United States based Hindustani classical vocalist Usha Kallianpurkar sang last week in Auckland under the aegis of the Mohan Nadkarni Foundation’s fifth Mohan Nadkarni memorial concert. It was her first performance in New Zealand.

Usha presented two bada khayals (full-length renditions) in raags Puriya and Bhupeshwari in that order before and after the interval. Steeped in classicism of the traditional Kirana gharana (a school of singing in India’s Uttar Pradesh state), her presentation was reminiscent of renditions of the great old masters of the gharana. (One of the biggest names of this gharana is the late Bharat Ratna Pandit Bhimsen Joshi.)

At the conclusion of her Puriya, the auditorium resounded with peals of applause from the knowledgeable audience at the Grey Lynn Library Auditorium. The concert, which was broadcast live on social media platforms, also drew fulsome praise from watchers far and near.

Her post-interval Bhupeshwari, which also goes by the name Pratiksha, is a raag that is rarely performed these days. Her excellent rendition inspired a few members in the audience, particularly singers, students and teachers of Hindustani classical music in Auckland to express their interest in learning the composition that Usha presented.

Usha also sang a Khamaj thumri and concluded with a moving rendition of a popular Marathi abhang (a devotional composition of a medieval saint-poet of Maharashtra), to the delight of the audience, many who were left with moist eyes.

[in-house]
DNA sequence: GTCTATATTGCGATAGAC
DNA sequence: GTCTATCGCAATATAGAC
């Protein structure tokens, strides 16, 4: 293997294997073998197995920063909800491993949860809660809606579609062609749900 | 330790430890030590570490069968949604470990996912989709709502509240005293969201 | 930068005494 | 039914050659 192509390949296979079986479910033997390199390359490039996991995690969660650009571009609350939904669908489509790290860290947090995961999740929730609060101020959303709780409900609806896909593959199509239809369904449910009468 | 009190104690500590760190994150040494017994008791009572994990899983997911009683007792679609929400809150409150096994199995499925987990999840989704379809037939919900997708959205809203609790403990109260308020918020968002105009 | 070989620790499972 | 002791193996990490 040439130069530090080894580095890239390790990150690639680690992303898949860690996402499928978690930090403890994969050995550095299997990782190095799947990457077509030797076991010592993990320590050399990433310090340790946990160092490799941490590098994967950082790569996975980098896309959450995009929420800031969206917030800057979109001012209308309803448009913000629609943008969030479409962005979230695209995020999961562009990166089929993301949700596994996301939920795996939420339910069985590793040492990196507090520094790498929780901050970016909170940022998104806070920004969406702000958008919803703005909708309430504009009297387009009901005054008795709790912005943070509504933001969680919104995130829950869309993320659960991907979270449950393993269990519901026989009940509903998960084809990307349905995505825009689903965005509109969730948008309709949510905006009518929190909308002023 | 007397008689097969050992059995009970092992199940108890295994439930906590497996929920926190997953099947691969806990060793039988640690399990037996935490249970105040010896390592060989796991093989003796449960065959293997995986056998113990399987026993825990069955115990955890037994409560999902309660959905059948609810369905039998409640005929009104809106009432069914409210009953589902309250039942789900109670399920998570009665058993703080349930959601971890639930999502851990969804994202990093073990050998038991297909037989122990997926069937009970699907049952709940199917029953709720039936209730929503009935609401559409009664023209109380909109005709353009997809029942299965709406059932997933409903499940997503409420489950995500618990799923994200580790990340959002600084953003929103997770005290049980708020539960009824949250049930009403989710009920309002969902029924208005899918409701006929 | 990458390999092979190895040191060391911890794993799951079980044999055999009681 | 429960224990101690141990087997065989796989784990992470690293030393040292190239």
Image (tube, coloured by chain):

Auckland’s well-known classical percussionist Manjit Singh accompanied Usha on the tabla with his characteristic finesse while Samir Bhalodkar provided excellent sangat on his Samvaadini. Both accompanists are very experienced and have been accompanying local and visiting artistes for several years. Vocalist Seetha played the tanpura and gave superb vocal support, that came in for praise from Usha herself.

Usha began learning music at an early age and at a critical juncture in her early musical training, well-known music critic and musicologist the late Mohan Nadkarni, encouraged and guided her transition to the pure classical form particularly the style of the Kirana Gharana. She trained under Pandit Firoz Dastur, the doyen of the Kirana gharana.

Usha has performed at prestigious venues in the US, including the LearnQuest Classical Music Conference at Boston, Indian Academy for the Performing Arts in New Jersey, Ravenia Music Festival in Chicago, The Lincoln Center, The United Nations, Museum of Art in Philadelphia, Moravian College of Music and William Patterson University, to name a few. Usha was invited to perform at the Rietberg Museum in Zurich and in Sydney, Australia.

Last Saturday’s concert was hosted by the Mohan Nadkarni Foundation – a New Zealand charity that encourages young artistes in traditional performing arts and strives to find platforms for them – in association with the Migrant Heritage Charitable Trust (Might-I).